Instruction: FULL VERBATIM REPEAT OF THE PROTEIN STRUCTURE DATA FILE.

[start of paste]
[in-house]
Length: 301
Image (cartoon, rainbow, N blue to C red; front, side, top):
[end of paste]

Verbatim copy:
[in-house]
Length: 301
Image (cartoon, rainbow, N blue to C red; front, side, top):